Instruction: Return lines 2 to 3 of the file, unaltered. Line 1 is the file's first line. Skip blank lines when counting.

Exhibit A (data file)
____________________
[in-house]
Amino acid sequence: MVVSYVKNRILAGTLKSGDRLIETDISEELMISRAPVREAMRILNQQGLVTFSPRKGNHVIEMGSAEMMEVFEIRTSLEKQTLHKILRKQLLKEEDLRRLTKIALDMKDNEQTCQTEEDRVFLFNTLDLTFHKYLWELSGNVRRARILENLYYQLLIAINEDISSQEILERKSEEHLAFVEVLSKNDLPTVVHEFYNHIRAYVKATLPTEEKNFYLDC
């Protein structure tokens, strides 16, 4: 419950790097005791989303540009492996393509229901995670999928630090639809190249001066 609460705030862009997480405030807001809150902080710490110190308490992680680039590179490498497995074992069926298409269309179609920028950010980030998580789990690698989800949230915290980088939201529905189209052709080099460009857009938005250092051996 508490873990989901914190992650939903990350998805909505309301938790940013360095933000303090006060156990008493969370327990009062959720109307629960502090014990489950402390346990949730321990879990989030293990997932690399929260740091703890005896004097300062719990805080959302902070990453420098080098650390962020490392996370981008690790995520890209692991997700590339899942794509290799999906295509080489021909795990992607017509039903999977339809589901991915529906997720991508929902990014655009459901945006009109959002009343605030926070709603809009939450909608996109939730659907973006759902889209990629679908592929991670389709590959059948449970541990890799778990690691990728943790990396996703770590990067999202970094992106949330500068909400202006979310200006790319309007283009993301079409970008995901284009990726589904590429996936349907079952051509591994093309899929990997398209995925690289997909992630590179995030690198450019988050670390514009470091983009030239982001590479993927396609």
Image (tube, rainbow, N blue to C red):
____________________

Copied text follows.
Amino acid sequence: MVVSYVKNRILAGTLKSGDRLIETDISEELMISRAPVREAMRILNQQGLVTFSPRKGNHVIEMGSAEMMEVFEIRTSLEKQTLHKILRKQLLKEEDLRRLTKIALDMKDNEQTCQTEEDRVFLFNTLDLTFHKYLWELSGNVRRARILENLYYQLLIAINEDISSQEILERKSEEHLAFVEVLSKNDLPTVVHEFYNHIRAYVKATLPTEEKNFYLDC
């Protein structure tokens, strides 16, 4: 419950790097005791989303540009492996393509229901995670999928630090639809190249001066 609460705030862009997480405030807001809150902080710490110190308490992680680039590179490498497995074992069926298409269309179609920028950010980030998580789990690698989800949230915290980088939201529905189209052709080099460009857009938005250092051996 508490873990989901914190992650939903990350998805909505309301938790940013360095933000303090006060156990008493969370327990009062959720109307629960502090014990489950402390346990949730321990879990989030293990997932690399929260740091703890005896004097300062719990805080959302902070990453420098080098650390962020490392996370981008690790995520890209692991997700590339899942794509290799999906295509080489021909795990992607017509039903999977339809589901991915529906997720991508929902990014655009459901945006009109959002009343605030926070709603809009939450909608996109939730659907973006759902889209990629679908592929991670389709590959059948449970541990890799778990690691990728943790990396996703770590990067999202970094992106949330500068909400202006979310200006790319309007283009993301079409970008995901284009990726589904590429996936349907079952051509591994093309899929990997398209995925690289997909992630590179995030690198450019988050670390514009470091983009030239982001590479993927396609």